Helloooooo agaaaiinn! Long time no see! So much has happened since I last graced this blog with much needed TLC, but I’m back! However, I think it’s my moral obligation (or an obligation to myself) to give you a sense as to why and how I came back after many months. I mean really, can I even say I’m blogging if I went on a 6 month hiatus? Answer: YES! I stopped writing for the past several months and if I’m honest with myself, I just lost my mojo. The ability to have a bank of bloggable ideas to choose and tweak from suddenly went blank. Only recently did I start to feel like I had something worth writing (I’ll dive deeper into variables that contributed to my long absence in later posts). Regardless of what creative medium you cater to, I know for a FACT you’ve hit a creative roadblock at some point. Granted it may not have taken you 6 months to get back in the game (*cough cough, me AF), but the sentiment is still there. I did a lot of back and forth on how I could list out what I did to find the will to blog again, but I think the best way is really to just go through it the way I did, chronologically.
Step 1: Leave Your Project
Let’s skip the frustration you feel when you’ve hit a creative wall and go straight to accepting you’re there. Yes, you need to accept you are creatively stonewalled. Your brain, inspiration, whatever you want to call it, has closed the books on you. The feeling of not being able to put a decent piece of artwork together can and is the most frustrating thing, but letting go of the anger and flat out accepting you’ve reached a wall is completely OKAY! When your creative juices have run dry, you need to step away and reevaluate your current priorities. For me, it came down to prioritizing making content I was proud of or making content that would just fill a post. As much as I wanted to write, every idea I came up with fell flat on its face when it came to putting it into words, so I did what I thought was best for me, and I put my blog away and said “when I’m ready, I’ll come back to it.” Coming back to your creative mindset when you’re ready is almost a complete reset, in a good way. You’ll feel refreshed with bright ideas, just like how you felt when you first started.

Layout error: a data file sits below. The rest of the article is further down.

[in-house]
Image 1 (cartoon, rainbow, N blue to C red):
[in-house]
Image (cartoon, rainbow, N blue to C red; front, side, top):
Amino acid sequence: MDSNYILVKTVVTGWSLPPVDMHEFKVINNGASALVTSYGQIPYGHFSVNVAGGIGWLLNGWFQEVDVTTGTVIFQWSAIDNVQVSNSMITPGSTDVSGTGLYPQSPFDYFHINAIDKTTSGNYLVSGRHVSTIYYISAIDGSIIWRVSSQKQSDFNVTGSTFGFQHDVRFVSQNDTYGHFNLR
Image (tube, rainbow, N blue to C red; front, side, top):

Step 2: Brainstorm at Your Pace
At this point I felt like a car with a weak battery. Sometimes you’d see a spark of life, but ultimately I’d go quiet. I used the short bursts of inspiration I got within the past several months to the best of my abilities and brainstormed the HELL out of ideas. Some were good, most were bad, but I essentially was trying to create building blocks to eventually get myself writing again. A lot of it started with a paragraph and ended there, but it gave me a glimpse into the potential that was lost. Don’t knock going through phases of small yet effective inspirational moments. Those little moments add up in the end and could be the catalyst to get you over those creative blocks. Archive, record, save, etc. every piece of creativity you find. Going back to it has been my lifeline to breathe life back into my blog and it could do the same for you.